Tuesday, December 27, 2011

Christmas Dinner 2011: Beef Tenderloin and Nostalgia

Christmas Day, we drove up to my grandmother’s house in Western Massachusetts—where she always cooked Christmas dinner for the whole family when I was growing up—and my mom, the Beez, and I cooked Christmas dinner for the whole family. Though I have fond childhood memories of making E-Z-Bake Oven mini-cakes and baking cookies with my grandmother (I was particularly excited by her pizzelle press), this was the first time I’ve ever actually prepared a meal in her kitchen.

Our mission was to update some family Christmas classics, which include a hodgepodge of Middle Eastern influences (we’re of Assyrian descent—look it up) and 1950s Americana. So, on the appetizer table was pre-cooked shrimp with cocktail sauce straight from the jar, alongside stuffed grape leaves and spinach-feta-phyllo triangles. However, we skipped the canned-peas-with-meatballs-in-tomato sauce that was a vile annual staple of the holiday dinner table, and the Kool-Whip-and-God-knows-what-else-based frozen green pie for dessert. And since Aunty Olga was out of town, there were no Tollhouse cookies for the first time in my memory.

As is customary, we overdid appetizers—but this year we were shockingly conservative on desserts, with only two for seven people (compare with Thanksgiving). For the main course, we eschewed my grandmother’s usual entrée excess (we’re talking a roast turkey, a ham, roast beef, and maybe a lasagna thrown in for good measure) for a single beef tenderloin.

The tenderloin was cooked to perfection (we cut it with butter knives) but a little overwhelmed by the flavor of the smoked paprika I had carelessly overused in the dry rub. Everyone assured me it was good, but I imagine Tom and Padma might have sent me packing for that paprika-palooza.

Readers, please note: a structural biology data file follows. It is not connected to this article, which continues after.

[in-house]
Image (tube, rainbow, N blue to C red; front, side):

In any case, here is our Christmas Day menu:

  • Spinach-feta-phyllo triangles (I really will have to post my grandmother’s awesome recipe for this)
  • Yahlangees (our word for stuffed grape leaves)
  • Cocktail shrimp
  • Stuffed mushrooms with ground veal (we meant to make these and were crestfallen to discover we’d accidentally bought ground veal instead of lamb, but we made it work)
  • Crostini with white bean-tomato ragout
  • Tzatziki with pita and crudités
Soup Course
  • Celery root bisque (this was excellent; I improvised it but I wish I’d taken note of the proportions to post a recipe—I’ll have to try to re-create it for you, gentle readers)
Main Course
  • Chocolate cake with raspberry filling
  • Pumpkin bouche

All in all, it was a pretty good spread, and really not too complicated to put together, though we did prep a bunch of stuff (phyllo triangles, grape leaves, cabbage, onion-roll dough, and desserts) a day or two before.

If you’re planning on making a New Year’s Eve dinner, the tenderloin would be an excellent and low-maintenance choice. Just be sure that you apply the dry rub sparingly—and that if you use paprika, it’s of the unsmoked variety.

Happy Holidays to all!

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